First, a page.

Newborn Screening Test

HealthLinkBC File Number: 
Last Updated: 
November 2014

Why does my baby need a screening test?

Certain diseases can be present at birth, even if there are no symptoms. Early detection and treatment of some disorders can help prevent severe mental handicap, growth problems, health problems or even sudden infant death. This early detection process is called newborn screening and includes a blood test and careful examination by a doctor or midwife.

How will my baby be tested?

During the first few days after birth, a small blood sample is taken by a simple heel prick. This will only cause a moment of discomfort for your baby. The blood sample is sent to the laboratory at BC Children's Hospital for testing.

What will my baby be tested for?

Your baby will be tested for treatable metabolic disorders, endocrine disorders, blood disorders and Cystic Fibrosis. For more information on these tests, visit Perinatal Services BC at

How soon after birth will my baby be tested?

The newborn screening test should be done between 24 and 48 hours after birth. Your baby should not leave the hospital without a blood test.

If your baby is not born in a hospital, such as at home under the care of a midwife, they will have blood collected during a home visit.

What if I go home with my baby less than 24 hours after birth?

If your baby is born in a hospital but discharged less than 24 hours after birth, they will require 2 blood tests. The first blood test will be done just before you leave the hospital. The second blood test needs to be done before 2 weeks of age. The second sample is taken to test for disorders that cannot be found until 24 to 72 hours after birth.

When will the results be ready?

The results will usually be ready in a few days. You will not be contacted if the results are normal or negative. If one of the screening test results is positive, your family doctor or midwife will contact you and additional testing will be arranged. The results of follow-up tests will either be normal and rule out the possibility of a disorder, or confirm the diagnosis.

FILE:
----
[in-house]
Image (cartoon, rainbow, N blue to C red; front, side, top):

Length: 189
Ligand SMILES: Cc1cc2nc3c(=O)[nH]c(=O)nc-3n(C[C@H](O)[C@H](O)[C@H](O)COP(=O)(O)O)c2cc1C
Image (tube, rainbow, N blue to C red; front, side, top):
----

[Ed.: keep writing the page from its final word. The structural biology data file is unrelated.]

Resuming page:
What does it mean if the screen is negative?

A negative screening test result means that the chance your baby has a disorder is very low. It is rare that the test does not pick up a disorder in a baby.

What if the result is positive for one of these rare disorders?

Approximately 45,000 babies are tested for these disorders every year in B.C., and about 40 children a year are identified with one of these treatable conditions.

Most test results are negative. However, if your baby has one of these conditions, early detection will help your baby get effective treatment as soon as possible. You will be referred to a doctor with experience in treating these disorders.

For more information on newborn screening, visit Perinatal Services BC at or contact your family doctor, registered midwife, or local public health unit.

Is it an emergency?

If you or someone in your care has chest pains, difficulty breathing, or severe bleeding, it could be a life-threatening emergency. Call 9-1-1 or the local emergency number immediately.
If you are concerned about a possible poisoning or exposure to a toxic substance, call Poison Control now at 1-800-567-8911.

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